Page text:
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God’s Relationship to “The” Good: an Essay on Morality, Part I

January 9, 2012

So far the magnus opus of my graduate career (which my professor proceeded to dismantle! :)).

God’s Relationship to the Good: No God; No Good

 I.      Introduction

 In what is easily one of the most provocative statements in ethical literature, J. L. Mackie makes the following claim: There are no objective values.[1]  That is, at the very bottom of things, there is no existence of things such as moral goodness or badness, or even other non-moral values such as beauty or love.[2]  For any person at all interested in morality from an ethical perspective, or even more importantly, for persons hoping to be morally good persons in general, this is an enormous claim indeed, for if it is true, then there is no such thing as good and evil or right and wrong.  In Mackie’s view, though we, as human beings are strongly inclined to believe in the existence of right and wrong, we have simply gotten it wrong.

My aim in the following essay is not to dissect Mackie’s utterly fascinating proposal, but instead to use it as a springboard to discuss a framework for Christian ethics and God’s relationship to the (if there is any such thing) good.  Nevertheless, I introduce Mackie for the purpose of beginning my exploration of a Christian ethical framework with an admission and a commendation of sorts.  My admission:  If God does not exist, then Mackie is undoubtedly correct and has done the philosophy of ethics a great service for disbanding the myth of objective values.  My commendation:  I am delighted to see an atheist be so straightforwardly consistent in denying the existence of objective values.  For now the lines are drawn a little more clearly—to deny objective values is to affirm atheism (or naturalism) and to affirm objective values is to be inclined toward the reality of a personal divine being.[3]  Thus, I want to begin my ethical exploration with an equally strong claim:  In regards to the enquiry of what God’s relationship is to the good, I want to suggest that if “the good” exists, then so does God.  More to the point, if objective values—both moral and non-moral—can be said to exist, then it would supply strong evidence that God exists.

However, while the issue of the existence of objective moral values is the primary aim of this essay, it is also only a starting point towards a more comprehensive framework for Christian ethics.  So, while establishing objective values is a valid starting point of Christian ethics, we must go further.  For example, a Christian theist must wrestle with Plato’s famous Euthyphro dilemma:  Is something good because God commands it, or does God command it because it is good?  We must also answer the question, what is it for something to be good in such an objective sense—that is, apart from the mere subjective opinions of human beings?  I intend to explore these questions from what is hopefully a biblically faithful perspective.  In other words, I am presupposing a Christian worldview for the remainder of this essay.  However, it must be admitted up front that an essay of this limited scope cannot deal with the many intricacies of moral discussion.  It is, therefore, a broad strokes essay.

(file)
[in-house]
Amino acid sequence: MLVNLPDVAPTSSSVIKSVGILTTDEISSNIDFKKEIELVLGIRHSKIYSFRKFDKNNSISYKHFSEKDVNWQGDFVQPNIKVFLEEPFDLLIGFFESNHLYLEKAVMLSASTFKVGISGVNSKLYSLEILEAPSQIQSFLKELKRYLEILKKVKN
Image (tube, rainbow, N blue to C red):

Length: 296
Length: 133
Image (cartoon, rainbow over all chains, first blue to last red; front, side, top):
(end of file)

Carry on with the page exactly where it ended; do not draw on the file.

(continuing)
[1] J. L. Mackie, Inventing Right and Wrong (New York, NY:  Penguin Publishing, 1977), 15.

[2] Mackie writes, “The claim that values are not objective, are not part of the fabric of the world, is meant to include not only moral goodness, which might be most naturally equated with moral value, but also other things that could be more loosely called moral values or disvalues—rightness and wrongness, duty, obligation, an action’s being contemptible and so on.  It also includes non-moral values, notably aesthetic ones, beauty and various kinds of artistic merit,” 15.  Therefore, I do not go too far in stating that Mackie would deny the objective existence of ‘values’ such as love and beauty.

[3] I will use the word “inclined” here to allow for the obvious reality that many non-theists do, in fact, affirm objective values.  I merely think that Mackie is more consistent with his worldview than are other non-theists.

One Comment leave one →
  1. January 10, 2012 2:05

    What did your graduate professor dismantle?

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